## The theory underlying sample size calculations using the Normal distribution

Suppose we wish to design a trial in which the main outcome measure is the difference in means of a particular variable in a group receiving standard therapy and a group receiving an experimental therapy. We will assume there will be n patients in each group, that the significance level has been set to be a (one-sided for simplicity) and the power 1 — ¡3. We will also assume that the SD of the distributions from which the two means are calculated is approximately the same, S, hence the SD of the means is S/^/n. This quantity is referred to as the Standard Error of the mean (SE).

Under the null hypothesis of no difference (Ho), the difference in means (d = m1 — m2) is assumed to follow a Normal distribution with mean zero and standard deviation

Under the alternative hypothesis (H1), the difference d is assumed to follow a Normal distribution with mean S and standard deviation, x S/^Jn, as under the null hypothesis.

To determine the sample size which satisfies both error constraints, we need to find the critical value, D, such that:

under H0, p(d < D) = 1 — a, under H1, p(d > D) = 1 — 3.

That is,

(D — 0)/( J2 x S/Jn) = Z— therefore D = ZX—a x (J2 x S/Jn), (D — S)/( J2 x S/Jn) = —Z1—3 therefore D also = S — (Z1—3 x (J2 x S/Jn)). Hence: Z1—a x (^/2 x S/ jri) = S — (Z1—p x (*J2 x S/*Jn)).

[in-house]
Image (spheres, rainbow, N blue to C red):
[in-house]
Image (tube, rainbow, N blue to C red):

This can be rearranged to give the number of patients, n, required in each group to satisfy the defined error rates as

For a 2-sided test, a slight approximation is involved, but the equation can simply be written as

The quantity (Z1—a/2 + Z1—p)2 is fundamental to many sample size calculations, and the most commonly used values are given in Table 5.2. In general, in this chapter we

Significance level (a) |
Power (1 — p) | ||||

2-sided |
1-sided |
0.80 |
0.85 |
0.90 |
0.95 |

0.01 |
0.005 |
11.679 |
13.048 |
14.879 |
17.814 |

0.02 |
0.01 |
10.036 |
11.308 |
13.017 |
1 5.770 |

0.05 |
0.025 |
7.849 |
8.978 |
10.507 |
12.995 |

0.1 |
0.05 |
6.183 |
7.189 |
8.564 |
10.822 |

present sample size formulae in the simplest terms, which will often mean that slight approximations are involved. These should therefore be used only as a rough guide to sample size, and more complete tables or software should be used for final calculations.

## Post a comment